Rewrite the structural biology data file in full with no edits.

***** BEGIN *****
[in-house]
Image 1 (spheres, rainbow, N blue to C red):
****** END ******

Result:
[in-house]
Image 1 (spheres, rainbow, N blue to C red):